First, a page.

Each Sunday night, the coaching staff would gather to review the game film from the previous week. This review time wasn’t to dwell on the past week’s performance, but rather an opportunity to see each player’s weaknesses and create a plan to improve the skills for the next week. Additionally, we would review game film for the following game to see our opponent’s strengths and weaknesses.

    The preparation for each week is important to the execution of our gameplan. If we didn’t know what to expect each Thursday night, we wouldn’t know exactly how to prepare for the game.

    In business, there is a tremendous amount of planning which must occur to find success. If you do not plan, you may stumble into success, but a written plan allows you to understand where you’re going, how you’re going to get there, and what changes must be made along the route if something happens.

    Learn How to Say “No”

    I made several mistakes in my early years of coaching with players. Too often, I didn’t want to hurt their feelings, so I didn’t learn how to effectively communicate “no.” I had to deal with loud and obnoxious parents. I didn’t know when and how to let them down easy.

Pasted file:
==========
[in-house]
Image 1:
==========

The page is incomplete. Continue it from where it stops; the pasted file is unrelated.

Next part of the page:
Over the years, I’ve learned when and how to say “no” to players, parents, coaches, our athletic director, and anyone else seeking our time or attention. Learning to say “no” is difficult for many people, but it’s essential for long term success. With 42 players, all of them had something going on all the time. Parents would call me to discuss an issue with their son – not realizing I had to deal with 42 sets of parents calling me about issues with their sons. Learning to listen to people and either deal with the issue or squash the issue was essential to make it through the season.

    In business, there are many times you will need to say no to employees, business partners, your boss, investors, or customers.

    Lean on Your Advisers

    I am fortunate to have a great athletic director and a wonderful varsity coaching staff to lean on when I have a question, need assistance, or just need an ear to vent to. Coaching football can be stressful and it’s important to have someone who can look in from a high level and offer solid advice.